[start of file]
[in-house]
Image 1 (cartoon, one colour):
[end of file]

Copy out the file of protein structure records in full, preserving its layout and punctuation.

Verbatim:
[in-house]
Image 1 (cartoon, one colour):